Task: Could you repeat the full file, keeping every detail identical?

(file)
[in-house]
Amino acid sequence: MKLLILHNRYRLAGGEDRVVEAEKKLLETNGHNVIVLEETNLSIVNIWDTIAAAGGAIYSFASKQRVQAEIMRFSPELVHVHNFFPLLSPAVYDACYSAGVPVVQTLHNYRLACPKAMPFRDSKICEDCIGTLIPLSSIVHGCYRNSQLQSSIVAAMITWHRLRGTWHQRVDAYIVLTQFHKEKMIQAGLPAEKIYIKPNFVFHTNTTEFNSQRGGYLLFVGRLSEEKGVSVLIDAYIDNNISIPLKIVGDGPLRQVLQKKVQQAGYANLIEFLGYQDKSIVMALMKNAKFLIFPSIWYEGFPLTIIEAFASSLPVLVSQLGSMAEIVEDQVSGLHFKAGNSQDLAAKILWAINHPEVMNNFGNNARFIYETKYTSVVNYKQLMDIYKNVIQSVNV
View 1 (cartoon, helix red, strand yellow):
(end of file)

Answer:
[in-house]
Amino acid sequence: MKLLILHNRYRLAGGEDRVVEAEKKLLETNGHNVIVLEETNLSIVNIWDTIAAAGGAIYSFASKQRVQAEIMRFSPELVHVHNFFPLLSPAVYDACYSAGVPVVQTLHNYRLACPKAMPFRDSKICEDCIGTLIPLSSIVHGCYRNSQLQSSIVAAMITWHRLRGTWHQRVDAYIVLTQFHKEKMIQAGLPAEKIYIKPNFVFHTNTTEFNSQRGGYLLFVGRLSEEKGVSVLIDAYIDNNISIPLKIVGDGPLRQVLQKKVQQAGYANLIEFLGYQDKSIVMALMKNAKFLIFPSIWYEGFPLTIIEAFASSLPVLVSQLGSMAEIVEDQVSGLHFKAGNSQDLAAKILWAINHPEVMNNFGNNARFIYETKYTSVVNYKQLMDIYKNVIQSVNV
View 1 (cartoon, helix red, strand yellow):